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FAWLEY COURT.

and venerable tower of Henley Church appears over a thick grove, which has been planted to prevent any part of that town from being seen but that principal and pleasing object. The view down the river includes a very fine reach of it, which is enlivened by an island, tastefully planted, and decorated with a building of some elegance. The eye then stretches on to Greenland and Medmenham, and the high grounds that hang over Culham Court.

The church of Fawley, which is situated in the upper part of the parish, is a neat, ancient structure; and that its interior appearance is of a superior kind will be readily believed, when it is known that it is fitted up with the entire furniture of the chapel at Cannons, the magnificent seat of the Duke of Chandois, near Edgeware, in Middlesex. On the dilapidation of that stately pile, for sale, about the middle of the last century, the wainscoting, seats, gallery, pulpit, &c. were purchased by an ancestor of the present Mr. Freeman, for the purpose to which they have been so well applied. In the church-yard there is also an elegant, and well-constructed, mausoleum, for the final repose of the Freeman family.

The parsonage-house, though not visible from the Thames, possesses one of the most beautiful situations, in point of extent, variety, and romantic character, that is to be found in the vicinity of the river, from its source to the sea. The last incumbent was the Rev. Dr. Powys, Dean of Canterbury, an elegant scholar, and an excellent man; who, while this page was preparing for the press, concluded his venerable and valuable life.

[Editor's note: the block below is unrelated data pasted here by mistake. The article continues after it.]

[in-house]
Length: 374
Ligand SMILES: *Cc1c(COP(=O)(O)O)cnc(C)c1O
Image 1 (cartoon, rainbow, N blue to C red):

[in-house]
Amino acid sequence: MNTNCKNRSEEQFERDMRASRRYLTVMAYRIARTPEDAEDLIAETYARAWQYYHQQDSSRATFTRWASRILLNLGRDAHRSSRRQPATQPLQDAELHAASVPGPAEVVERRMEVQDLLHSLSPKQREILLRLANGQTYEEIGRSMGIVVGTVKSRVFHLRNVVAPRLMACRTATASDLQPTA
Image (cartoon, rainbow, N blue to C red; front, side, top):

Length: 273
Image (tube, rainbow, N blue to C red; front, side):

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CULHAM COURT.

THE Thames is no where more abundant in beauty, than between Henley and Marlow: while the river itself, as if sensible of the superior charms of its banks, lingers, as it were, in its course, by a greater variety and succession of meanders, than it any where displays, from its fountain to the sea. Culham Court is among the ornamental objects which distinguish the Berkshire side of the stream.

The manor of Culham belonged, in the reign of Queen Elizabeth, to the family of the Nevilles: it was, in the beginning of the last century, the property of Serjeant Stevens, and latterly of Robert Mitchell, Esq. who erected the house, which, with the home scenery, forms the subject of the engraving. On his death it descended to one of his two daughters, the co-heiresses of his property, who married the Honourable Mr. West, a brother of the Earl of De Lawarr.

From Henley, to this part of the river, the Berkshire side sinks in a comparison with the woody theatres of the opposite country at Culham Court it recovers its former character, and at this place, Berkshire, which is full of landscape beauty, may boast of one of its most delightfu prospects. It is not of great extent, but embraces a variety of charming objects, and distinctly commands every thing it comprehends.

The mansion-house is an handsome modern building, and stands half way down an expansive irregular brow, with large, wide-spreading trees scattered over it, which gradually declines, in swelling and unequal slopes, towards the river beneath it. To the right the view occupies the meads, through which the stream serpentines in superior beauty, with their rich and various boundaries. Before it, and on the Buckinghamshire side of the water, is Medmenham, with its church, abbey-house, and upland farms. To the left the eye advances up the enchanting vale of Hambledon, and finds a

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